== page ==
Richard Avedon | Nadja Auermann | 'In Memory of the Late Mr. and Mrs. Comfort'

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Richard Avedon’s Divine Fashion Decadence

These spectacularly decadent photos of a fable photographed and created for The New Yorker by famed photographer Richard Avedon, in collaboration with Doon Arbus and featuring model Nadja Auermann, were featured in the Nov 6, 1995 issue.

We can read many meanings into these brilliant images, but more than anything they represent a farewell of sorts between Avedon and the fashion journalism that made him a top-tier celebrity. The series of 27 pages of designer-clothes photos are shocking and disruptive visually, existing as an undeniable social commentary on the world of couture and luxury living, Bonfire of the Vanities-style.

The Richard Avedon Mr. and Mrs. Comfort photos for The New Yorker represent a revulsion against the very high society world that embraced him. They are a violent cariacature of a world of thin women and rich men who are — at the end of the day — dust like the rest of us mortals.

Warren Buffett and Bill Gates understand this reality of life. Fashionistas, especially those married to rich financiers, often fancy themselves as cut from a different cloth.

A sensuality-drenched the skelton of Mr Comfort appears thwarted by Mrs Comfort, who has abandoned sex for stilletos, even if red is a primary color in the fashion selections.  The many sexual references and poses to the Garden of Eden are physically marked ‘Stricly No Entry’.

Unable to enjoy pleasures of the senses, Mr and Mrs Comfort resort to the pleasure of materialism, as a substitute for carnality and intimacy. The splendor of their surroundings is reminiscent of the splendor of Rome and the Vatican, where excess is defined only as it relates to flesh but not pomp and circumstance.

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Global Fashion Patriarchy

It’s over a year now since the infamous Ralph Lauren photoshop debacle on Filippa Hamilton’s body caused us to consider the still prevalent relationship between fashion, body image and physicality. Grappling with the reality of women’s sexual oppression worldwide and the patriarchy’s need to control female sexuality, we are convinced after deep soul searching, that fashion is a willing collaborator in the process of thwarting female sensual desire. 

The global institutions of power, money and inheritance are threatened by female sexuality now and ever since the advent of private property and men’s understanding of their role in procreation. Organized religious monotheism collaborated with Aristotle, creating a script that hasn’t changed much since the time of Christ.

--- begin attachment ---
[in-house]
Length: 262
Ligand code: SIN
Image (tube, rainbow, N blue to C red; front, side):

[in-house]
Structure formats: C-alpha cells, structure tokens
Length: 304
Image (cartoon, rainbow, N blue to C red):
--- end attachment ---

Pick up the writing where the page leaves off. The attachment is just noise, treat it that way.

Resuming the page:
Many of the world’s top fashion brands are collaborators in repressing female sexuality, substituting shopping for sensuality.

Rather than easing up on women, the fashion patriarchy — male and female — has dumped size 6 women like Cindy Crawford, Claudia Schiffer and Christy Turlington — as being too fat. Lara Stone has obsessed with being the plus-size model as a size 4. Granted, the supermodels are making a renaissance, but their size 6, sensual bodies were undeniably trashed for a less powerful view of women than the one emerging in the 1990s.

Medically-speaking, today’s fashion industry has led the way in advocating a female body image so thin and frail that breasts, hips and muscles are forbidden. Women should be men.

If women give up our reproductive powers, becoming so thin that our bones are brittle, mensturation stops and pregnancy is difficult, then women will have turned over our sensuality to the king makers, once an for all.

Richard Avedon’s monumental ‘In Memory of the Late Mr. and Mrs. Comfort’ images capture the essence of the fashion patriarchy’s view of women and sensuality. It’s one that rich, thin women embraced wholeheartedly and with fashion passion.

It’s ironic that this beauty standard of unimaginably thin-women prevailed in the midst of a global obesity epidemic, led by the United States and our testosterone-infused financial prowess.

Body image has always defined social class and status, but Richard Avedon correctly anticipated an exaggeration byond belief of the old adage that a woman can never be too rich or too thin. Not bad for a civil rights, Vietnam War protester protecting his soul in the land of couture-fashion temptations.

In producing the gorgeous if troubling ‘In Memory of the Late Mr. and Mrs. Comfort’ images, Richard Avedon left a lasting social commentary on the industry he served so well. Anne